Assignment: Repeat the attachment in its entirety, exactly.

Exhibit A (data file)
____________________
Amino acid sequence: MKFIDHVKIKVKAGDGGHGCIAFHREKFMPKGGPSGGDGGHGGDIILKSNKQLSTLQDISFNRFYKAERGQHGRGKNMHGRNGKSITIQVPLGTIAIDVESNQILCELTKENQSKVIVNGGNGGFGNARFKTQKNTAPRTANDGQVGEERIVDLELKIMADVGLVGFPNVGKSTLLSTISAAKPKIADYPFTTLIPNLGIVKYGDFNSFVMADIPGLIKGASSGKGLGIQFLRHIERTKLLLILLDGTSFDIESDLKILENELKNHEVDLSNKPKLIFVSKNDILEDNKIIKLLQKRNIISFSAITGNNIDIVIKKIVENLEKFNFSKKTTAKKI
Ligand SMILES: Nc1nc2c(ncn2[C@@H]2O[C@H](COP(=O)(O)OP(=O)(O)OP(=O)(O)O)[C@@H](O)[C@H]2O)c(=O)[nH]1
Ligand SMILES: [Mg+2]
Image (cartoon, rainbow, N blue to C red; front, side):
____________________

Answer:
Amino acid sequence: MKFIDHVKIKVKAGDGGHGCIAFHREKFMPKGGPSGGDGGHGGDIILKSNKQLSTLQDISFNRFYKAERGQHGRGKNMHGRNGKSITIQVPLGTIAIDVESNQILCELTKENQSKVIVNGGNGGFGNARFKTQKNTAPRTANDGQVGEERIVDLELKIMADVGLVGFPNVGKSTLLSTISAAKPKIADYPFTTLIPNLGIVKYGDFNSFVMADIPGLIKGASSGKGLGIQFLRHIERTKLLLILLDGTSFDIESDLKILENELKNHEVDLSNKPKLIFVSKNDILEDNKIIKLLQKRNIISFSAITGNNIDIVIKKIVENLEKFNFSKKTTAKKI
Ligand SMILES: Nc1nc2c(ncn2[C@@H]2O[C@H](COP(=O)(O)OP(=O)(O)OP(=O)(O)O)[C@@H](O)[C@H]2O)c(=O)[nH]1
Ligand SMILES: [Mg+2]
Image (cartoon, rainbow, N blue to C red; front, side):